Japanese cuisine is kind to American waistlines
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As our collective girth keeps growing, some experts suggest we take a cue from other cultures to control our weight.
Maybe you think that means eating like the French, but that's so last year. Now it's all about Japan.
This newfound diet fame is being flamed by several books, including "Japanese Women Don't Get Old or Fat" by Naomi Moriyama, who readily admits taking inspiration from the popular French-themed book, and "Japanese Light: Heart-Friendly, Age-Defying Recipes from the World's Healthiest Cuisine" by Kimiko Barber, author of the well-regarded cookbook, "The Japanese Kitchen."
It's true that Japan has one of the world's lowest obesity rates. Only 3 percent of Japanese women are obese, compared to 13 percent in France and 33 percent in the U.S., according to the International Association for the Study of Obesity.
The Japanese also are global longevity champs, particularly the people of Okinawa -- home to the world's largest population of centenarians. Dr. Bradley Willcox, co-author of "The Okinawa Diet Plan," has been conducting a 25-year investigation of this long-living population.
Compared to the way we eat in America, the Japanese diet is much lower in calories -- primarily due to the dominance of high-water, high-fiber and low-fat foods, Dr. Willcox noted via e-mail from Japan.
The Japanese achieve this "low calorie-dense diet" by eating a tremendous amount of plant foods, he said, particularly vegetables, which pack the diet with disease-fighting antioxidants and other phytonutrients, such as flavonoids.
Instead of french fries -- the most popular vegetable in the United States -- the Japanese eat a wide range of veggies, especially those in the cabbage family, including broccoli, cauliflower, cabbage, bok choy and kale. These cruciferous vegetables, named for their cross-like petals, contain substances that may protect against cancer.
Ms. Moriyama writes about aspects of the Japanese diet that may be linked to lower rates of heart disease. The Japanese eat more fish than red meat, which keeps their diets low in saturated fat and rich in heart-healthy omega-3 fatty acids.
They avoid trans fat (and a ton of extra calories) by eating fruit at the end of their meals instead of cookies, cakes and pies. Instead of super-sized sodas, the Japanese regularly drink antioxidant-rich green tea, which may offer heart-health benefits.
Despite the growing buzz over the Japanese diet, there are a few drawbacks, said dietitian Lilian Cheung, a nutrition lecturer at the Harvard School of Public Health.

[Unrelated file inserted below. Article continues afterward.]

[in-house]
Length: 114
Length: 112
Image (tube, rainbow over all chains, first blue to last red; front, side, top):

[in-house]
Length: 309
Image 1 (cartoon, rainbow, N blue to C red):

"Once you go beyond the surface there are some concerns," she said.
For starters, the traditional Japanese diet is too high in sodium -- contributed by the heavy consumption of soy sauce, salted dried fish, miso and pickled vegetables (although salt intake is lower on the islands of Okinawa).
Ms. Cheung also is troubled by the abundance of white rice with nary a whole grain in sight. This high-carb diet combined with very little fat is not recommended because the large glycemic load could increase the risk of type 2 diabetes, particularly for overweight individuals, she said.
Although this pattern of eating was not affecting the Japanese decades ago because their lifestyle was more active, Ms. Cheung said it's now starting to be a problem as residents become more sedentary and weight is creeping up.
Even so, there are a few lessons we can learn from the land of the rising sun:
Stop before you're stuffed. The Japanese practice a concept called "hara hachi bunme," which means eating until you are 80 percent full, explains Ms. Moriyama in her book. They also tend to eat more slowly than we do. Both are smart strategies to help control calories.
Eat with your eyes. Japanese home cooks take great pride in the visual presentation of meals. They believe food must stimulate all five senses, including sight, Ms. Barber said. Enjoying the beauty of food may help you slow down to savor every bite, which means eating less.
Change your attitude. The Japanese view food as pleasure, while Americans tend to worry about food or associate it with guilt. Even the official dietary guidelines of Japan promote the pleasurable part of eating, Ms. Cheung said. "Enjoy your meals" is first on the list. We don't even address enjoyment in our guidelines.
Pare back portions. The Japanese eat much smaller portions and serve them on small, decorative dishes. Often foods are divided into individual plates and bowls instead of one big plate. Studies show larger plates translate into larger portions and more food consumed.
Savor your sweets. They don't deny themselves desserts in Japan. In fact, they love sweets. But they tend to be satisfied with a bite-size morsel instead of jumbo chocolate-chunk cookies or triple-layer cakes.
Keep it colorful. Ms. Barber described the go shiki principle that says every meal needs five colors: white, red, yellow, green and black (including dark purple and brown). That's a good policy to help achieve a well-balanced and nutrient-rich meal.
Use meat as a garnish. Meat rarely plays the starring role at mealtime; vegetables, noodles and rice have those honors. The liberal use of soy (primarily tofu) instead of meat also keeps saturated fat low.
Eat more soup. The Japanese frequently eat broth-based soups chock-full of vegetables.
First Published April 18, 2007 6:14 pm